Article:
Patterico's Pontifications


Sunday Music: Bach Cantata BWV 1

Filed under: Bach Cantatas,General,Music — Patterico @ 9:36 am

It is the fourth Sunday of Advent. Today’s Bach cantata is “Wie schön leuchtet der Morgenstern” (How beautifully the morning star shines):

Today’s Gospel reading is Luke 1:26-38:

In the sixth month of Elizabeth’s pregnancy, God sent the angel Gabriel to Nazareth, a town in Galilee, to a virgin pledged to be married to a man named Joseph, a descendant of David. The virgin’s name was Mary. The angel went to her and said, “Greetings, you who are highly favored! The Lord is with you.”

Mary was greatly troubled at his words and wondered what kind of greeting this might be. But the angel said to her, “Do not be afraid, Mary; you have found favor with God. You will conceive and give birth to a son, and you are to call him Jesus. He will be great and will be called the Son of the Most High. The Lord God will give him the throne of his father David, and he will reign over Jacob’s descendants forever; his kingdom will never end.”

“How will this be,” Mary asked the angel, “since I am a virgin?”

The angel answered, “The Holy Spirit will come on you, and the power of the Most High will overshadow you. So the holy one to be born will be called the Son of God. Even Elizabeth your relative is going to have a child in her old age, and she who was said to be unable to conceive is in her sixth month. For no word from God will ever fail.”

“I am the Lord’s servant,” Mary answered. “May your word to me be fulfilled.” Then the angel left her.

The text of today’s piece is available here. It contains these words:

You, very son of God and Mary,
You, king of the chosen ones,
how sweet is Your living word to us,
by which our forefathers already
counted years as well as days,
that Gabriel joyfully
promised there in Bethlehem!
O sweetness, o bread of heaven,
that neither grave, danger or death
can wrest from our hearts.

Happy listening! Soli Deo gloria.

P.S. The final verse of the New King James Version of today’s Gospel reading reads as follows:

Then Mary said, “Behold the maidservant of the Lord! Let it be to me according to your word.” And the angel departed from her.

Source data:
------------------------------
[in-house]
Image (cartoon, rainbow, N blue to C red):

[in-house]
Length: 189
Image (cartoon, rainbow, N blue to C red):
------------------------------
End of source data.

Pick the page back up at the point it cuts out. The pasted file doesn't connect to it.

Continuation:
The words of Jesus’s mother Mary saying “Let it be” to her according to God’s word cannot help but remind the reader of these lyrics:

When I find myself in times of trouble
Mother Mary comes to me
Speaking words of wisdom, let it be

Paul McCartney says he did not intend this to be a religious song. It came to him in a dream, and he believed it related to his mother, whose name was Mary. That’s fine. Maybe it was a dream, and maybe it was an angel.

3 Responses to “Sunday Music: Bach Cantata BWV 1”

  1. Interesting coincidence.

    Patterico (115b1f)

  2. Coincidence? John Lennon once famously said the Beatles were more popular than Jesus. That was probably true at the time, as more people were listening to Beatles records than were reading the New Testament, but it was blasphemous nonetheless.

    I have no doubt that Paul McCartney was referring to his own mother Mary in the song. But it wasn’t to make himself out to be a Crist figure. He would never be so vain.

    Most of the bands that came out of the 50s and 60s where heavily influenced by Kahlil Gibran. His book, The Prophet, is one of the most widely read books of the 20th century, and it hasn’t been out of print since it was first published in the 20s. It just didn’t become popular until the 50s. Elvis Presley read from it to his mother. Johnny Cash recorded an audio tape of him reading from the Prophet. Kahlil Gibran influenced multiple artists; the Beatles, the Rolling Stones, Led Zeppelin, etc.

    In fact the song, “Julia,” on The Beatles (White Album), is almost a word for word transcription of a Kahlil Gibran poem, with minor alterations.

    Gawain's Ghost (b25cd1)

  3. “Amen” is commonly translated as “So be it”. Not an arguable difference from “Let it be so”.

    No comment on the Beatles reference. I’m partial to Chuck Berry’s “Roll Over Beethoven”.

    nk (1d9030)

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